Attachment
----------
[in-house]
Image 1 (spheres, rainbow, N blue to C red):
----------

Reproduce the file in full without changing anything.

[in-house]
Image 1 (spheres, rainbow, N blue to C red):